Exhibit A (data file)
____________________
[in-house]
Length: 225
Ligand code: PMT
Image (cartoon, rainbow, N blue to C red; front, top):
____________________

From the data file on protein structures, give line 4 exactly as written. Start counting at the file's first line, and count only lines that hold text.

Image (cartoon, rainbow, N blue to C red; front, top):